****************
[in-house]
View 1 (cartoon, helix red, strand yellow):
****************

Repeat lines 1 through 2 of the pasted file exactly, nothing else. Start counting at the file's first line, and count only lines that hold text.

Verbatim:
[in-house]
View 1 (cartoon, helix red, strand yellow):